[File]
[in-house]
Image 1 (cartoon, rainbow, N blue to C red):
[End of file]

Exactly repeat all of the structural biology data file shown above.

[in-house]
Image 1 (cartoon, rainbow, N blue to C red):